Pregnancy is an exciting and challenging time for parents, regardless of how much planning is involved. And when your baby is born, new obstacles present themselves. Although many of these learning experiences are expected, illness is one everyone hopes to avoid. A cough here and a cold there is normal, but some medical conditions are very serious. Mayo Clinic Health System obstetrician & gynecologist Javier Cardenas, M.D., shares steps you can take before and after birth to help your baby be the healthiest he or she can be.
Folic acid. Are you planning a pregnancy? Or maybe you’re not necessarily trying to become pregnant but know it’s a possibility. Either way, the Centers for Disease Control and Prevention (CDC) recommends that women consume 400 micrograms (mcg) of folic acid each day. Folic acid helps prevent brain and spine birth defects. These problems occur during the first few weeks of pregnancy, a time period during which many parents are unaware of conception. Getting enough folic acid from a regular diet is challenging, so supplements are encouraged.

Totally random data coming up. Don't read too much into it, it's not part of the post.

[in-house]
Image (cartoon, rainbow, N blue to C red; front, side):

Smoking cessation. Refraining from smoking before and during pregnancy is a must. Smoking has harmful effects on fetal development. If you do smoke, talk to your health care provider about quitting.
Diet. Make sure you’re eating a healthy diet. Consume plenty of fruits, vegetables, whole grains and lean sources of protein.
Your body. Being underweight or overweight is not ideal for pregnancy, so your health care provider may want you to address your weight before becoming pregnant. Additionally, get regular physical activity and minimize daily stresses. Avoid alcohol, illegal drugs and toxic chemicals.